History of Type

History of Type

Author: Maria Tucker

In this lesson you will learn to categorize type families by historical classification.

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Notes on "History of Type"


Image of Adobe Garamond, Public Domain


Image of ITC Garamond, Public Domain


Image of DTP font, Public Domain


Image of 1400 Blackletter, Public Domain

Image of Antiqua, Public Domain


Image of Times Serif, Public Domain


Image of Bodoni type, Public Domain


Image of Egypt type, Public Domain

Image of Bauhaus type, Public Domain


Image of 1400 manucript, Public Domain


Image of 1800 type, Public Domain


Image of Toulouse Poster, Public Domain


Image of WWII Poster, Public Domain


Image of Blackletter Font, Public Domain


Image of Garamond, Public Domain


Image of Baskerville, Public Domain


Image of Rockwell, Public Domain


Image of Bodoni, Public Domain


Image of Helvetica, Public Domain


Image of Bauhaus, Public Domain


Terms to Know
  • Bauhaus

    An art and craft movement begun at a school in Germany in the 1920s. The movement emphasized the functional aspects of design and was characterized by the use of simple geometric shapes, sans-serif type and a lack of adornment.

  • Blackletter 

    A type classification developed in the 1400s and based on written manuscripts. This style is characterized by elaborate, straight, angular strokes. Member type families include Fraktur and Rotunda.

  • Egyptian

    A type classification developed in the early 1800s and named for a trend popularizing Egyptian antiques. This style is characterized by rectangular or so called slab serifs and use of strokes of even weight. Member type families include Clarendon and Rockwell.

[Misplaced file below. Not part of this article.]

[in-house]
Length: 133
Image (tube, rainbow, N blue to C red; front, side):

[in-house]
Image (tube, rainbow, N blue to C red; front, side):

• Modern

    A type classification developed in the late 1700s. This style is characterized by a geometric quality, hairline thin serifs and extreme contrast between thick and thin strokes. Member type families include Bodoni and Didot.

  • Old Style

    A type classification developed in the 1400s and based on ancient Roman inscriptions and an early writing style. This style is characterized by low contrast between thick and thin strokes and distinctive numerals. Member type families include Garamond and Caslon.

  • Sans-Serif

    This type classification was developed in the early 1800s and later popularized by the Bauhaus movement. This style is characterized by the absence of serifs and uniform thickness of stroke. Member type families include Helvetica and Futura.

  • Transitional

    A type classification developed in the 1700s which evolved from Old Style. This style is characterized by wider characters and greater contrast between thick and thin strokes than Old Style. Member type families include Baskerville and Bookman.